Michelle Dyck responded, As far as character inconsistency goes, I’ve found that something called ‘Character Bibles’ help a whole lot! You can keep them in a document or by hand in a notebook, whichever works for you. It’s quite simple. You just list each character’s name and jot down their personality, physical description, and any other miscellaneous bits of info you have. Then as you’re writing or editing, you can go back to make sure you’re keeping your characters consistent. For MCs, I give them each a separate file a couple pages long each. (And some of the info I make up for them never goes into a book — it just helps them become real in my mind.) All the other characters have to share a file, and most of them only need a couple of lines. Anyway, if you’re an outliner/planner, you’ll probably want to put together these Character Bibles before you start writing. But if you’re a seat-of-the-pants writer, then you can just add to them as your characters enter your story. It takes a bit of effort, but it’s so helpful in the long run. Because who wants to wade through pages and pages to verify what so-and-so’s eye color was or where she worked?

I’m with Michelle Dyck about the usefulness of a character “bible.” There’s a questionnaire in Writing Magic that may help you write one for each of your major characters.

In the first instance Alyssa asks about, I agree that the fix is easy and we can just revise for character consistency, but sometimes characters undergo a troubling transformation because of a plot problem. For example, let’s imagine that Mina, who’s the best friend of our MC Ron, has been loyal and supportive. Then, suddenly, she rats him  out to, say, the chief of police. The reader shouts, “Mina wouldn’t do that!” and throws the book across the room. (Let’s further imagine that Ron’s crime is very minor, not deserving of harsh treatment.) We’ve made Mina act against all expectation and against her true nature because our plot demanded that the police chief become aware of Ron.

My only unpublished novel, which I won’t allow to see the light of day, has this kind of problem. It’s called My Future Biography, and in it my MC Marita is an aspiring teenage actor who gets a job as an extra in a summer stock theater. (An extra is like an unpaid intern; a summer stock theater is usually in a rural or suburban place and puts on plays only in the summer.) Marita, who’s obsessed with acting, has an exaggerated idea of her ability, although she is talented. She’s convinced that the leading lady in the first play of the season is botching her role. So–and this is where the story goes off the rails–she writes a negative review of the production for the local newspaper and says mean things about a lot of people. This terrible betrayal changes the reader’s opinion of Marita and makes her totally unlikable. The trouble is that the whole plot turns on it; it was necessary to set up the lesson Marita needs to learn. When I tried to reread the book not too long ago to see if there was anything I could save, I was so annoyed that I couldn’t finish it. I threw my own manuscript across the room!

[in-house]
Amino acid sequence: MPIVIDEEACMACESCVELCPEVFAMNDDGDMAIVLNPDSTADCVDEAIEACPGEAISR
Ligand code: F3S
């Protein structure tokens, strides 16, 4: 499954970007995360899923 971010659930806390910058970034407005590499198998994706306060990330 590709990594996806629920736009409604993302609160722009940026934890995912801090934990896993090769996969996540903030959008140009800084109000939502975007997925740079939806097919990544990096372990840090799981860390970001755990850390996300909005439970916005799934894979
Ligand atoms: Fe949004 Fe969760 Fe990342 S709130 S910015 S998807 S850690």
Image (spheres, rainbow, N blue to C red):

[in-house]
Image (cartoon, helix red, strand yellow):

Sadly, I adore the male lead and one of the other supporting characters.

My Future Biography is one of my early novels. I don’t think I would make this mistake again, and so far I haven’t I haven’t figured out a way to fix the plot. The reason it’s so hard to salvage is because the problem involves my MC. Luckily for Alyssa, her surprising character reversals involve secondary characters.

So, what to do?

One solution is to suggest early on that a particular character, in this case Eric, isn’t all he seems. Alyssa can include a scene in which he disappoints her MC, whom we’ll call Corinne. Eric apologizes and Corinne forgives him, but a seed has been planted in the reader’s mind. We don’t have to do even that much. If Corinne’s sweet dog growls at Eric, the reader will doubt him.

Another approach is to show the reader the moment of transformation. An extreme example would be if Eric’s brain were taken over by an alien or if he were brainwashed. The reader would then totally get his alteration. But we don’t have to go that wild. Suppose Eric comes across something online that shows Corinne in an unfavorable light. The information is false, but Eric doesn’t know. Now he’s the one feeling betrayed, and his behavior to her changes. Or suppose he becomes friends with someone who dislikes Corinne and this person wins him over to her point of view. Again, we understand the change.

Here’s a prompt: Write down three more possible reasons for a change in Eric.

Another tactic is to keep Eric as he always was and give the bad behavior to another character, one who has been iffy all along. This doesn’t mean Eric has to disappear. I like it when my MC has someone she can count on for emotional support–Mandy for Ella, for example. Eric can’t save Corinne, but she can touch in with him occasionally when she and the reader need a break from the misery.

Here’s one more strategy: When we cast characters for a story, it’s helpful to think about the roles they’re likely to play. For example, in the book I started recently, Peregrine, my MC, is adopted by Lady Klausine, a childless noblewoman. Although Klausine is going to love Peri, she’s going to be hard on her, and her manner isn’t going to be loving. I don’t outline, but I do know that feeling unloved will be important in moving Peri through my plot. I’m defining Klausine as cold and demanding so that I won’t have to change her as the story progresses.